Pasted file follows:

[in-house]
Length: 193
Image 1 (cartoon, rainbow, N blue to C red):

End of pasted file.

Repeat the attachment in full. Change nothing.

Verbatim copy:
[in-house]
Length: 193
Image 1 (cartoon, rainbow, N blue to C red):